What's the Deal? Calls for Overhaul of British Political Donations

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There are renewed calls to limit the amount of private donations made to British political parties, with a new report raising concerns about the perceived influence of political donors, amid fears of more funding scandals.

Funding reform campaigners, the Electoral Reform Society (ERS) have released a report calling for restrictions to be implemented on the amount of money political donors can make in the UK, in the hope of putting to an end what it perceives as a "big donor culture" in Britain.

The ERS say limiting donations to smaller amounts would ultimately reduce the influence political donors may have on government policy.

As part of the ‘Deal or No Deal: How to put an end to party funding scandals' report, the ERS also recommended increasing public funding of political parties to supplement private donations, while they have called for the introduction of a cap on the amount of money political parties can spend on election campaigns, ending the so-called "arms race" of advertising and campaigning in the lead up to an election.

Public Concerned About the Influence of ‘Dodgy Donors'

The ERS' findings suggest there is significant public support for reform, with 61 per cent of those surveyed saying the current party funding system is corrupt and in need of a change.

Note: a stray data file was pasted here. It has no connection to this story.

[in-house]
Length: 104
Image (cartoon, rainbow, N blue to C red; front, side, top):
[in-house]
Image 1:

The results also indicate a significant lack of public trust in the integrity of political parties and their donors, with 75 per cent of people saying they thought big political donors had too much influence on political parties, while 65 per cent believe that donations can effectively be used to buy knighthoods and other honours.

This follows the "dodgy donors" scandal earlier this month, when Prime Minister David Cameron's Conservative party was accused of accepting donations from HSBC account holders, amid claims some officials from the company were involved in "industrial scale" tax avoidance schemes.

Darren Hughes, Deputy Chief Executive of the Electoral Reform Society says major changes need to be made to avoid further conflicts of interest. 

"The public are sick to death of party funding scandals, and the latest revelations have simply added more fuel to the fire.

"Whatever the outcome in May, the next government has to get to grips with the way parties are funded. The litany of suspect deals and shady funding practices revealed over the past few years shows that unless serious action is taken, the next scandal will be just around the corner."

Political Donations Set for Record High

Meanwhile, new figures on political party donations suggest that Britain's major parties are increasingly reliant on using funds from private sources to run their campaigns.

Independent party funding watchdog the Electoral Commission released figures revealing Britain's major parties received more than £65 million in donations and loans in 2014, close to double the amount received in 2013 and a 31 per cent increase on donations compared to the last pre-election year.

The figures indicate that funding for the May 2015 general election could be the highest in British political history further increasing concerns over the influence of major donors.

Following the release of the donation statistics, Katie Ghose, Chief Executive of the Electoral Reform Society said that the "arms race" between the major parties was intensifying and would have "damaging implications for our democracy."

"These figures show just how urgently we need party funding reform. Millionaires and big organisations continue to dominate party finance, and people aren't happy about it", says Ghose.

"It's time to clean up party funding once and for all, and put an end to the seemingly endless procession of donor scandals."

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